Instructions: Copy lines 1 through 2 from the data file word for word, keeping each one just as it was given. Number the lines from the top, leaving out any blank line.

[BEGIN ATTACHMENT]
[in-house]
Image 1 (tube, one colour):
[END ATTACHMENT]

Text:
[in-house]
Image 1 (tube, one colour):